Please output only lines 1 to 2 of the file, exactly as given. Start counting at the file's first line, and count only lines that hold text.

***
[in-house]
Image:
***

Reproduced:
[in-house]
Image: